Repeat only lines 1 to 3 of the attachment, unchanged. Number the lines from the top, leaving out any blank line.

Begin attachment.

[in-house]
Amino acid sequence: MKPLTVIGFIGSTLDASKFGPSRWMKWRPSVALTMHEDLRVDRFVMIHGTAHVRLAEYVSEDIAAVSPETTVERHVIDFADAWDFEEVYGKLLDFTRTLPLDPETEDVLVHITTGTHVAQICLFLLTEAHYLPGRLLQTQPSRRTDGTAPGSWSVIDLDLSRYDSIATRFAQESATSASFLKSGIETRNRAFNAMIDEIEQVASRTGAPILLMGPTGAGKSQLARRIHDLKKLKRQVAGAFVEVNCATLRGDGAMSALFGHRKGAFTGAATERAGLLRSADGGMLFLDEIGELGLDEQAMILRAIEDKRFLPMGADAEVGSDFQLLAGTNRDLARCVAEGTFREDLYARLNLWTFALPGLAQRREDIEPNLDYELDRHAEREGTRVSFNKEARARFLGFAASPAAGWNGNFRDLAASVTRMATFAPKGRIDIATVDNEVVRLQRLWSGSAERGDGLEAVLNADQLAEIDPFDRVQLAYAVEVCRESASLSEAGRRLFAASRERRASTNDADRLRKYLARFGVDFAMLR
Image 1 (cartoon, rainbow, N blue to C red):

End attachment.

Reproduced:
[in-house]
Amino acid sequence: MKPLTVIGFIGSTLDASKFGPSRWMKWRPSVALTMHEDLRVDRFVMIHGTAHVRLAEYVSEDIAAVSPETTVERHVIDFADAWDFEEVYGKLLDFTRTLPLDPETEDVLVHITTGTHVAQICLFLLTEAHYLPGRLLQTQPSRRTDGTAPGSWSVIDLDLSRYDSIATRFAQESATSASFLKSGIETRNRAFNAMIDEIEQVASRTGAPILLMGPTGAGKSQLARRIHDLKKLKRQVAGAFVEVNCATLRGDGAMSALFGHRKGAFTGAATERAGLLRSADGGMLFLDEIGELGLDEQAMILRAIEDKRFLPMGADAEVGSDFQLLAGTNRDLARCVAEGTFREDLYARLNLWTFALPGLAQRREDIEPNLDYELDRHAEREGTRVSFNKEARARFLGFAASPAAGWNGNFRDLAASVTRMATFAPKGRIDIATVDNEVVRLQRLWSGSAERGDGLEAVLNADQLAEIDPFDRVQLAYAVEVCRESASLSEAGRRLFAASRERRASTNDADRLRKYLARFGVDFAMLR
Image 1 (cartoon, rainbow, N blue to C red):